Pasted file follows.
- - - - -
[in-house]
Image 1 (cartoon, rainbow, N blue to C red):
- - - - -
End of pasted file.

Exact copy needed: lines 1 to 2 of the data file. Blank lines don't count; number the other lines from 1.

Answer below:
[in-house]
Image 1 (cartoon, rainbow, N blue to C red):